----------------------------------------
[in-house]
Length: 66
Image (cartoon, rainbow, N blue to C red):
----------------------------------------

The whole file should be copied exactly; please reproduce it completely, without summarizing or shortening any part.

[in-house]
Length: 66
Image (cartoon, rainbow, N blue to C red):